Supplementary Materials
Footnotes
 Supported in part by Eyetechcare, Rillieux la Pape, France.
Footnotes
 Disclosure: F. Aptel, Eyetechcare (F); T. Charrel, Eyetechcare (F); X. Palazzi, None, J.-Y. Chapelon, Eyetechcare (F); P. Denis, Eyetechcare (F); C. Lafon, Eyetechcare (F)
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Figure 1.
 
Placement of the coupling cone (A). Centering of the coupling cone (B). Insertion of the ring in the upper coupling cone (C). Position of the six transducers (D).
Figure 1.
 
Placement of the coupling cone (A). Centering of the coupling cone (B). Insertion of the ring in the upper coupling cone (C). Position of the six transducers (D).
Figure 2.
 
(A, B) Geometry of the six transducers. R c, radius of curvature (10.2 mm). (C, D) focal zone obtained in a thermosensitive gel made of polyacrylamide hydrogel. 24 (E, F) Focal zone obtained in a thermosensitive gel made of polyacrylamide hydrogel. Magnification: (E) ×3; (F) ×1.5. 24
Figure 2.
 
(A, B) Geometry of the six transducers. R c, radius of curvature (10.2 mm). (C, D) focal zone obtained in a thermosensitive gel made of polyacrylamide hydrogel. 24 (E, F) Focal zone obtained in a thermosensitive gel made of polyacrylamide hydrogel. Magnification: (E) ×3; (F) ×1.5. 24
Figure 3.
 
Variations in mean IOP (mm Hg) in the treated eyes between each time period and day 0. Group 1 (n = 6): six transducers activated. Group 2 (n = 6): five transducers activated. Group 3 (n = 6): four transducers activated.
Figure 3.
 
Variations in mean IOP (mm Hg) in the treated eyes between each time period and day 0. Group 1 (n = 6): six transducers activated. Group 2 (n = 6): five transducers activated. Group 3 (n = 6): four transducers activated.
Figure 4.
 
Variations in mean IOP (mm Hg) in the nontreated eyes between each time period and day 0. Group 1 (n = 6): six transducers activated. Group 2 (n = 6): five transducers activated. Group 3 (n = 6): four transducers activated.
Figure 4.
 
Variations in mean IOP (mm Hg) in the nontreated eyes between each time period and day 0. Group 1 (n = 6): six transducers activated. Group 2 (n = 6): five transducers activated. Group 3 (n = 6): four transducers activated.
Figure 5.
 
Whole coronal section of the globe. Meridians of clock hours 12 and 6 were not treated (four sectors activated) and appeared undamaged (black arrows). Magnification, ×10.
Figure 5.
 
Whole coronal section of the globe. Meridians of clock hours 12 and 6 were not treated (four sectors activated) and appeared undamaged (black arrows). Magnification, ×10.
Figure 6.
 
High-magnification photomicrographs showing ciliary processes with coagulation necrosis, loss of the bilayered epithelium, and vascular depletion of the stroma (A, B). Undamaged ciliary processes (C, D). Magnification, ×40.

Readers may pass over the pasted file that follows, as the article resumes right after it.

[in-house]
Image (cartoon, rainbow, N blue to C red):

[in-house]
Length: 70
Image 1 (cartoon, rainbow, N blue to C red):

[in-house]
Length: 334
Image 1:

Figure 6.
 
High-magnification photomicrographs showing ciliary processes with coagulation necrosis, loss of the bilayered epithelium, and vascular depletion of the stroma (A, B). Undamaged ciliary processes (C, D). Magnification, ×40.
Figure 7.
 
High-magnification photomicrograph showing details of necrotic ciliary processes with loss of ciliary epithelium, vascular congestion, and distension of the stromal collagen fibers. Magnification, ×120.
Figure 7.
 
High-magnification photomicrograph showing details of necrotic ciliary processes with loss of ciliary epithelium, vascular congestion, and distension of the stromal collagen fibers. Magnification, ×120.
Table 1.
 
Variations in IOP Values of the Treated and Nontreated Eyes between Each Time Period and Day 0
Table 1.
 
Variations in IOP Values of the Treated and Nontreated Eyes between Each Time Period and Day 0
Day 1–Day 0 Day 7–Day 0 Day 15–Day 0 Day 21–Day 0 Day 28–Day 0
Group 1, n = 6
    Treated eye −15.2 ± 7.3 (−50.7) −8.9 ± 10.4 (−29.7) −12.8 ± 7.9 (−42.7) −9.7 ± 9.8 (−32.3) −16.6 ± 8.0 (−55.3)
    Nontreated eye −5.9 ± 8.7 (−25.5) 2.5 ± 16.6 (+10.8) −1.1 ± 13.5 (−4.8) −0.2 ± 12.0 (−0.9) −4.3 ± 8.5 (−18.6)
Group 2, n = 6
    Treated eye −3.8 ± 12.8 (−20.7) −1.5 ± 9.4 (−8.2) −3.8 ± 10.9 (−12.7) −1.4 ± 8.2 (−4.7) −4.7 ± 9.0 (−15.7)
    Nontreated eye 0.9 ± 8.6 (+5.0) −0.6 ± 11.6 (−3.4) −2.0 ± 12.4 (−11.2) −0.8 ± 5.7 (−4.5) −1.3 ± 12.6 (−7.3)
Group 3, n = 6
    Treated eye −4.5 ± 9.2 (−16.0) 2.0 ± 11.2 (+7.1) −5.6 ± 5.2 (−19.9) −5.0 ± 6.1 (−17.8) −7.9 ± 11 (−28.1)
    Nontreated eye −6.2 ± 15.6 (−22.3) −1.0 ± 15.6 (−3.6) −2.0 ± 17.6 (−7.2) −3.8 ± 16.4 (−13.7) −7.4 ± 10.4 (−26.7)
Table 2.
 
Histologic Parameters Graded from 0 (Absent) to 4 (Severe)
Table 2.
 
Histologic Parameters Graded from 0 (Absent) to 4 (Severe)
Group 1 (n = 6) Group 2 (n = 6) Group 3 (n = 6)
iliary body
    Neutrophils 0 0 0
    Eosinophils 0 0 0
    Lymphocytes 0 0 0
    Plasma cells 0 0 0
    Macrophages 0 0 0
    Giant cells 0 0 0
    Fibrocytes 0 0 0
    Fibrin, exudates 0 0 0.04 (0–2)
    Stromal edema 2.05 (0–3) 1.85 (0–3) 2.07 (0–3)
    Congestion/hemorrhage 1.45 (0–3) 0.73 (0–2) 1.55 (0–3)
    Necrosis 1.94 (0–4) 1.54 (0–2) 2.00 (0–4)
    Loss of epithelium 2.08 (0–3) 1.88 (0–3) 1.88 (0–3)
Choroid and retina
    Neutrophils 0.07 (0–1) 0 0.27 (0–1)
    Eosinophils 0 0 0
    Lymphocytes 0 0 0
    Plasma cells 0 0 0
    Macrophages 0 0 0
    Giant cells 0 0 0
    Fibrocytes 0 0 0
    Fibrin, exudates 0 0 0
    Optic nerve edema 0 0.27 (0–1) 0
    Congestion/hemorrhage 0.20 (0–1) 0.40 (0–1) 0.46 (0–1)
    Retinal folds/detachment 0 0.06 (0–1) 0
    Retinal necrosis 0 0.06 (0–1) 0
    Choroid vessel necrosis 0 0 0
Supplementary Figure S1
Supplementary Figure S2